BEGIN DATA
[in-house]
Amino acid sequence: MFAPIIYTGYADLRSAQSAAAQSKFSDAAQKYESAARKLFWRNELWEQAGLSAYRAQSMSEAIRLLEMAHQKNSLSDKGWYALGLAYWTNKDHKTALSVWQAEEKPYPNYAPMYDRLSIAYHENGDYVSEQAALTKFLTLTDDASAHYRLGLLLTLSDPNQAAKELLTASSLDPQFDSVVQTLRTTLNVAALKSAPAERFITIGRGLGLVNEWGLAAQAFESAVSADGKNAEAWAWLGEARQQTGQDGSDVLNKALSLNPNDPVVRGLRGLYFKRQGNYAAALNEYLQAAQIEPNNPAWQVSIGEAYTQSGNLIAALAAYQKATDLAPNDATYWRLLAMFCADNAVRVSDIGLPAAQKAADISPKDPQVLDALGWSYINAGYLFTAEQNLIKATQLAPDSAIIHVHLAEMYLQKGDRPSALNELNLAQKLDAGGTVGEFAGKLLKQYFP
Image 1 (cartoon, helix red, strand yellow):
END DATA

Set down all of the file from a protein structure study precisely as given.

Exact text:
[in-house]
Amino acid sequence: MFAPIIYTGYADLRSAQSAAAQSKFSDAAQKYESAARKLFWRNELWEQAGLSAYRAQSMSEAIRLLEMAHQKNSLSDKGWYALGLAYWTNKDHKTALSVWQAEEKPYPNYAPMYDRLSIAYHENGDYVSEQAALTKFLTLTDDASAHYRLGLLLTLSDPNQAAKELLTASSLDPQFDSVVQTLRTTLNVAALKSAPAERFITIGRGLGLVNEWGLAAQAFESAVSADGKNAEAWAWLGEARQQTGQDGSDVLNKALSLNPNDPVVRGLRGLYFKRQGNYAAALNEYLQAAQIEPNNPAWQVSIGEAYTQSGNLIAALAAYQKATDLAPNDATYWRLLAMFCADNAVRVSDIGLPAAQKAADISPKDPQVLDALGWSYINAGYLFTAEQNLIKATQLAPDSAIIHVHLAEMYLQKGDRPSALNELNLAQKLDAGGTVGEFAGKLLKQYFP
Image 1 (cartoon, helix red, strand yellow):